“You’ve never heard anything like this before.” That’s what local orchestra leader Gage Brewer told the “The Wichita Beacon” in the fall of 1932 regarding a new-fangled guitar he’d just brought back from Los Angeles. On Halloween Brewer and his orchestra took the stage playing this new contraption, with music amplified through a loudspeaker.
“He was the consummate showman and entertainer” says Eric Cale, director of the Wichita-Sedgwick County Historical Museum. “As fate would have it, this guy lived here and was the first one out of the chute with these things.”
Yes, the first audience ever to hear the electric guitar featured in a public venue was right here in ICT, a riff that has reverberated down through the decades.
Two major exhibits
When Exploration Place brought in the national traveling exhibit, “GUITAR: The Instrument That Rocked The World,” the two organizations seized the opportunity to work together to commemorate this iconic instrument and the surprising role that Wichita played in introducing the electric guitar to the globe.
Visitors to Exploration Place get to play with hands-on exhibits exploring questions such as: How are pitch and tone created? How does a catgut string sound — and feel — different from a steel string? How are decibels measured? What does a 44-foot guitar sound like?
The enormous Flying V guitar at the center of the exhibit is large enough for a child to climb up on and strum. Marketing director, Christina Bluml reports that it produces “an odd noise — bwou-bwou-bwouuu — like what you’d hear in some kind of weird movie.”
The Wichita-Sedgwick County Historical Museum has curated their own exhibit titled “The Electric Guitar — Wichita’s Instrument,” which includes Brewer’s 1932 Rickenbacker that started it all.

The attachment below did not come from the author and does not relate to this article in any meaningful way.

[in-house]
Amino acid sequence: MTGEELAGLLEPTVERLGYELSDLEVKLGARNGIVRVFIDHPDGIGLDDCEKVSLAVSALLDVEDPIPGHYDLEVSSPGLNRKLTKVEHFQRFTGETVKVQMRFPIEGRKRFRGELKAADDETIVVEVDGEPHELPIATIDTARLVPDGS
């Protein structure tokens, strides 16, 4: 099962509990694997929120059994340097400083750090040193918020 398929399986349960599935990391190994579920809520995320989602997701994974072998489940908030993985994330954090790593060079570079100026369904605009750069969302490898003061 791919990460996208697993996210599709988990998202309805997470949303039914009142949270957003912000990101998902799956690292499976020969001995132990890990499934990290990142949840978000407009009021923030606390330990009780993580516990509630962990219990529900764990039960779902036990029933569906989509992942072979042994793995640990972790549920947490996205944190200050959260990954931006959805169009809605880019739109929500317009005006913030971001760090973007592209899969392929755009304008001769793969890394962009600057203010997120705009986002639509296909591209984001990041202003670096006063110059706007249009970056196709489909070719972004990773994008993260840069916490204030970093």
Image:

“It’s widely recognized as the very first electric guitar these days,” says Cale, and it’s attracted attention from other experts and collectors from around the country, who’ve loaned their instruments — including rare and celebrity-owned guitars from Joe Walsh, Les Paul, Charlie Christian and more. “I don’t know that you’d ever see these all together; they’re pretty rare and amazing.”
Amplifying out to the community
The museums are sliding into spring with a packed schedule of concerts, workshops, jam sessions and a symposium — a slate of events in progress now until the first week of May.
Exploration Place, continuing a popular trend towards more adult events, is kicking off a new annual music series this month: Sounds of Science. Four Thursdays in March, April and May will feature various guitar-centric artists, films, food trucks or catering and a cash bar.
The Historical Museum is hosting performances, recitals and a Spring Break Guitar Camp, all leading up to a grand finale: the Electric Guitar Symposium on May 6-8. For this three-day summit the museum has invited 10 authors, scholars and museum curators from across the country to make presentations and discuss the history of the electric guitar. The symposium is open to the public for a small fee.
Both museums are expanding the partnerships to local music venues such as Abode Venue, The Orpheum, The Cotillion and Hartman Arena, providing exhibit discounts to patrons and members.
What would Gage Brewer think if he was here to witness the celebration of the amped instrument he helped launch? Hopefully he’d pick one up and lay down a few power chords.
“GUITAR: The Instrument That Rocked The World”
Through May 8
Sounds of Science
March 10, Wichita Blues Society and Math Trio
March 24, KMUW Music Tastings and William Flynn with combo
April 7, School of Rock Wichita
May 5, Tallgrass Film Association
Wichita-Sedgwick County Historical Museum
“The Electric Guitar – Wichita’s Instrument”
Through June 5
Electric Guitar Symposium
May 6, 7 and 8